To the widows and un-manned women along Steve's route, Steve looked very "available", if only for the night. Some of the women were oblique in communicating their desire for company while others were more direct.
That Steve avoided such entanglements, unlike most of his former competitors, did not speak so much of his high moral standards but to his conceit that he was a judge of "fine women". The women along his route all fell short of his standard.
Steve fancied himself a connoisseur of high-class women. This is a conceit shared by all men but was taken to the extreme in Steve's case.
Steve KNEW that a high-class woman was petite and of taut musculature. While many men fixate on bosoms, Steve found them a distraction unworthy of attention.
Some women sashay. Steve demanded women who bounced on the balls of their feet, in perpetual "pounce" mode.
Steve's came by his preferences honestly. His first true-love had been both a dancer and a gymnast. They met at the high school play. Steve constructed scenery and had a crush on the female lead. Later, Steve confided that he felt she was way out of his league. She replied loftily, "That is not for you to decide." It had been a epic relationship.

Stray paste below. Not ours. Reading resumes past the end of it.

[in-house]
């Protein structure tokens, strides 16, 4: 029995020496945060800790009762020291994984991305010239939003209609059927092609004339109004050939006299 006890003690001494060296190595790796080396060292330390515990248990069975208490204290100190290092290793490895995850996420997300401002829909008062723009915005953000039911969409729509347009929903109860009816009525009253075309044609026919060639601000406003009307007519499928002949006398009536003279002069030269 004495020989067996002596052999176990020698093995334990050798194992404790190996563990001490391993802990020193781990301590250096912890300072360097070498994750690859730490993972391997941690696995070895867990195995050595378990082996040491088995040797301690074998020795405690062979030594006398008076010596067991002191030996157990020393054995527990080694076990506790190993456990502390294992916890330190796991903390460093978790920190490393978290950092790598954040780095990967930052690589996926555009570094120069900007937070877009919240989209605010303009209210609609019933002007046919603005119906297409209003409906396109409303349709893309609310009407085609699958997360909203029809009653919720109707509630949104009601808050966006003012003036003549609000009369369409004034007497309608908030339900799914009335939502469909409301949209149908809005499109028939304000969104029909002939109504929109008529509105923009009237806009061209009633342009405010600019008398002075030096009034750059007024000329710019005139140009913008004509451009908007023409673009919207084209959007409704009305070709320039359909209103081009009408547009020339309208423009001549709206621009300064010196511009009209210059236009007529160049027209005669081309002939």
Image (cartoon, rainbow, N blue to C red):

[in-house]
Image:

Much to Steve's surprise, there were still many who had not gotten the memo: Things had changed.
He passed countless houses that clearly had residents. There was no garden. There was nobody outside collecting sticks for firewood or tending to livestock. There were no paths beaten by feet leading to the river or road or berry patch. Whoever lived in the house was still waiting to be rescued, living off food somebody had the foresight to store. Living off food and waiting for somebody else to save them.
Steve's vision of the ideal woman was one who grabbed the world-of-today by the short and curly ones and slammed it to the mat...not passively waiting for the return of the world that had been and clearly was not about to return anytime soon.
Steve was polite. Steve was professional. The women sighed. They sighed and purchased his goods. There was never even the tiniest whisper that Steve dallied with the many women who were more than willing and there was never any resentment from the men who felt very protective toward the women of their tribe.